Plot Type: Soul Mate Romance (SMR)
Ratings: Violence—4; Sensuality—4; Humor—1
Publisher and Titles: St. Martin's
The Last True Vampire (6/2015)
The author uses the standard vampire mythology (night-walking, sun sensitive, super-strong and fast, unbelievably handsome) with just a few innovations (e.g., a secondary set of fangs on the upper jaw). "When a dhampir is made into a vampire…our hearts cease beating; the breath stalls in our chests. Blood no longer flows through our veins and we no longer need food to sustain us. But there is a hunger. A thirst for blood that must be sated. And when a vampire drinks from a living vein, our bodies awaken, resume their normal functions until the lifeblood cycles through our system...After the blood works through our systems, the vampire's body returns to dormancy until the thirst returns and the cycle starts anew." (from The Last True Vampire)
As the series begins, only one true vampire (aka Ancient One) is left in the world: Mikhail (aka Michael) Aristov, who lives in Los Angeles. Here, Baxter introduces him to the reader: "Michael Aristov was the last of the Ancient Ones, untethered and soulless, the lone remaining carrier of the collective memory, and the sole guardian of an orphaned race. And if he didn't feed soon he would be the death of them all." (from The Last True Vampire) After this somewhat ambiguous introduction, Baxter explains, and re-explains, Michael's problematic situation. In this mythology, people with vampire blood in their veins—no matter how little—are dhampirs who form a parasitic collective that draws power from and shares their memories with Michael (and any other true vampire that may be created). Because the members of the collective continually try to draw power and strength from him and constantly send him their memories, Michael spends a lot of time physically exhausted and emotionally overwhelmed.
Unfortunately, Baxter's explanations of the workings of the collective are murky at best, even though she tries to explain it over and over and over again throughout the first novel. Here is her first metaphorical attempt: "Every vampire had been descended from a single creature. Like a grove of aspen trees were interconnected, the blood that created them tied them to one another. And there was just enough of that ancient blood flowing through every dhampir's veins to connect them all to Michael." (from The Last True Vampire) The aspen tree metaphor is not accurate, and I discuss that problem below as part of my review of the first book.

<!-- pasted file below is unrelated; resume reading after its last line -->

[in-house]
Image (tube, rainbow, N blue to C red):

In this world, dhampirs need to drink blood only four times a year. Between blood meals, they eat and metabolize regular food. Although vampires cannot walk in the sun, dhampirs can. Dhampir males are sterile, but male vampires can reproduce. (No reproductive info is given about the female dhampirs.) According to Baxter's mythology, dhampirs are born from either a vampire mating or a vampire/human coupling. This explanation is problematic because there has been only a single vampire on Earth for many centuries, and he hasn't mated with anyone, so where did all of these dhampirs come from? Once again, this part of the mythology is clunky and poorly conceived, so it is unfortunate that it plays such a major role in the stories.
A dhampir can become a true vampire only after being drained of blood and then drinking the blood of a true vampire. At that point, the person goes through a brief but painful transition and emerges with true vampiric powers. During the transition, the "soul [becomes untethered and] is sent into oblivion. It's the price that's paid for becoming stronger and developing keener senses." When a vampire connects with his true mate, she returns his soul to him and he is tethered once again. The mates have close mental and emotional connections after they exchange blood. Note: All of the explanations regarding the mythology portray the dhampir and vampire as male and the mate as female. What happens when the dhampir is female? Do the same rules apply? Those questions are not addressed in the first novel.
The Los Angeles dhampirs live in thirteen covens that are divided by social class and belief systems. Most dhampirs want to become true vampires, but until Michael finds his mate and becomes tethered, he doesn't have the strength to transform them. One coven leader named Siobhan hates Michael and preaches against becoming a soulless vampire. She accuses Michael of forcibly attempting to turn dhampirs into vampires. Although Michael has tried to transform a few dhampirs over the past centuries, he has done so only when he had sufficient strength at the time the dhampir requested the change. Unfortunately, all of those dhampirs died during the transformation process, and Michael hasn't had enough strength to do a transformation for many, many decades.